- Be notified prior to a tenant moving out at the end of the term
- Raise rent for any reason
- Charge whatever late fee when the rental payments fall late
- Enter rented premises to carry out important landlord responsibilities
- Reject renting to a tenant that doesn’t qualify. That said, the grounds must not have a discrimination basis.
- Create a lease agreement
Equally, Florida landlords have certain responsibilities that they must abide by. Common landlord responsibilities include the following.
- Provide a habitable living space
- Make requested repairs within a period of 7 days after being notified
- Remove any disturbances or annoyances that impact a tenant’s quiet enjoyment of their rented premises
- Abide by the Florida eviction law when removing tenants for violating the lease agreement and to provide a eviction notice when needed
- Handle a tenant’s security deposit in accordance with Florida’s security deposit rules
- Notify the tenant prior to raising the rent at the end of a tenancy cycle
- Treat all tenants equally regardless of their race, color, religion, or any other protected class
- Provide the tenant with certain mandatory disclosures as already aforementioned
Overview of Florida’s Landlord-Tenant Law
Florida landlords are required to provide a habitable living space to their inhabitants. In Florida, you must provide your tenant the following under the warranty of habitability:
- Electrical outlets and wiring
- Dwelling structures
You may also have to provide other facilities in accordance with the rental agreements. For example, heating, adequate ventilation, and pest control.
You have a responsibility to maintain any amenities that you have provided to your tenant. And this may include those that the law didn’t even require you to provide in the first place, such as air conditioning.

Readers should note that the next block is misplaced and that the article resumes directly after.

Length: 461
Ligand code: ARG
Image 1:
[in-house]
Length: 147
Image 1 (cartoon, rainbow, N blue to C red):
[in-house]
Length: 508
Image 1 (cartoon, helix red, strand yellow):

Once your tenant has requested a needed repair in writing, you’ll have 7 days to have it fixed. If you don’t, your tenant may have some options to pursue. Including, withholding future rent payments until you make the repairs.
You can evict your tenant for the following reasons in the state of Florida:
- Nonpayment of rent
- End of lease term
- Violation of the lease terms
But even so, it’s only the court that can order a tenant eviction. You cannot conduct a “self-help” eviction process by changing the locks or removing your tenant’s belongings. These actions are illegal and your tenant can sue you for damages.
You have a right to require a security deposit from your Florida tenant under the security deposit laws. However, you must handle it in accordance with the state’s security deposit rules. The following are some of those rules:
- Return the remaining deposit within 15 days after moving out.
- Make deductions only for allowable reasons such as for unpaid rent.
- Store the tenant’s deposit in either of three ways: interest-bearing account, non-interest bearing account, or post it as a surety bond.
- If selling the dwelling unit, transfer the security deposit to the new real estate investor.
In Florida, tenants are protected from housing discrimination on the basis of 8 classes. These are race, color, religion, nationality, religion, disability, gender, familial status, and pregnancy status.
The Florida Fair Housing Law is enforced by the state’s Commission on Human Relations (FCHR).
Ocean Blue Property Management offers full-service property management services in Tampa and the surrounding areas. Get in touch to get a free quote!
Disclaimer: This content isn’t meant to be a substitute for professional legal advice from a qualified attorney. If you have a specific question regarding the Florida landlord-tenant law, Ocean Blue Property Management can help.